Thursday, April 1, 2010
Holy (Maundy) Thursday
Maundy Thursday, known officially in the Catholic Church as Holy Thursday, is the Thursday of Holy Week. Maundy Thursday commemorates the institution of the Eucharist and the Sacrament of Ordination, and begins the Paschal Triduum. In 2010, Holy Thursday falls on April 1.
Jesus shared the final meal with his disciples, called the Last Supper, on the night before he was crucified. The institution of the Holy Eucharist occurred during this meal, as indicated from the gospel excerpt below:
Now as they were eating, Jesus took bread, and blessed, and broke it, and gave it to the disciples and said, "Take, eat; this is my body." And he took a cup, and when he had given thanks he gave it to them, saying, "Drink of it, all of you; for this is my blood of the covenant, which is poured out for many for the forgiveness of sins. I tell you I shall not drink again of this fruit of the vine until that day when I drink it new with you in my Father's kingdom" (Matthew 26:26-29 RSV)
Since Scripture and Tradition tell us that Jesus was crucified on a Friday, Jesus shared the important Last Supper with his apostles on a Thursday. The synoptic gospels (Matthew, Mark, and Luke) seem to suggest that the Last Supper was a Passover Meal. However, John suggests that Jesus was crucified before the Passover Meal, on the Day of Preparation. Perhaps the Last Supper was done in anticipation of the Passover Meal, or was a Kiddush or some other religious meal. The gospel of John does not record the Institution of the Eucharist at the Last Supper, while the synoptic gospels do. However, John's gospel records Jesus washing the disciples' feet. Holy Thursday traditions are derived from all four gospels.
Thus Holy Thursday, also known as Maundy Thursday, is the Thursday of Holy Week, commemorating the Institution of the Holy Eucharist and the Sacrament of Ordination. Holy Thursday also celebrates the agony of Jesus in the Garden of Gethsemane, and the betrayal of Jesus by Judas Iscariot, events that took place on the night before Jesus' crucifixion. The Evening Mass of the Lord's Supper on Holy Thursday begins the Triduum, which is the three-day celebration of the heart of the Christian faith: Christ's death and resurrection. The Paschal Triduum begins on the evening of Holy Thursday and concludes with the Evening Prayer (Vespers) of Easter. Thus the Triduum includes Holy Thursday, Good Friday, Holy Saturday, and reaches it high point at the Great Easter Vigil. The name "Maundy" comes from the Latin antiphon Mandatum Novum, i.e. "a new mandate." This new mandate from Jesus is taken from John 13:34: love one another as I have loved you.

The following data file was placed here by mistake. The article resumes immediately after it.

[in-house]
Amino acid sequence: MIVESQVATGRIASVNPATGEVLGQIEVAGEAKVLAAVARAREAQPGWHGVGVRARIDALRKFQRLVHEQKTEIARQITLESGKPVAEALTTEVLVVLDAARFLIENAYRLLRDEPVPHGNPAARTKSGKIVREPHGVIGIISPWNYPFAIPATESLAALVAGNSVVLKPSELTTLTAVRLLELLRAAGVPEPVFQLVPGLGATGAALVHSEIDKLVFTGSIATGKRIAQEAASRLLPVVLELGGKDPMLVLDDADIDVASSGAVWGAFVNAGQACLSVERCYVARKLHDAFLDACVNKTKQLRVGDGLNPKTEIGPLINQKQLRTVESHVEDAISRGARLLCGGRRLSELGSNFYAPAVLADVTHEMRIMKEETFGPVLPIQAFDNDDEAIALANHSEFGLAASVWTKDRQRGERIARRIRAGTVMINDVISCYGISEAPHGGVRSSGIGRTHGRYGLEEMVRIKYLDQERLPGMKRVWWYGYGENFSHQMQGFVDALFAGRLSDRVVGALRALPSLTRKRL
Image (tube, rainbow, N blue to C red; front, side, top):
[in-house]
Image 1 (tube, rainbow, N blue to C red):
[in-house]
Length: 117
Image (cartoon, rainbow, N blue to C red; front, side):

Various traditions and customs are associated with Maundy Thursday, including the reciting of the creed by Catechumens from memory, the washing of feet, reconciliation of penitents, and the consecration of holy oil (chrism). The modern Western Holy Thursday service has an option for the blessing of chrism and the washing of feet. After the Maundy Thursday evening Mass the altars are stripped, the holy water stoups are emptied, and the Blessed Sacrament is carried through the church in procession to a place of reposition,. Traditionally the Pange Lingua (the last two stanzas which are known as Tantum Ergo) is sung during this procession. Adoration of the blessed sacrament for an extended period of time is then encouraged. The consecrated host is then used for Good Friday Masses. The alternate and uncommon name Shear Thursday comes from the ancient custom of trimming one's beard and hair that day as a sign of spiritual preparation for Easter.
A special commemoration of the Institution of the Eucharist on the Thursday of Holy Week is first attested to in the documents of the North African Council of Hippo (AD 393). References to Holy Thursday celebrations are abundant after this date. Since 1955 in the Catholic Church, the Maundy Thursday Mass is only celebrated in the evening, although in earlier times as many as three Masses a day were said. Traditionally, Maundy Thursday fell within the Lenten Season, although in post-Vatican II Catholic practice, Maundy Thursday is not liturgically a part of Lent, although it is still reckoned as part of the "forty days of Lent." In many Protestant churches, Holy Thursday is still liturgically part of Lent, since many Protestant churches do not recognize the Triduum as distinct from Lent.